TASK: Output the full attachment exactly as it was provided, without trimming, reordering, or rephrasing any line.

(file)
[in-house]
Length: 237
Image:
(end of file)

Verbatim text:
[in-house]
Length: 237
Image: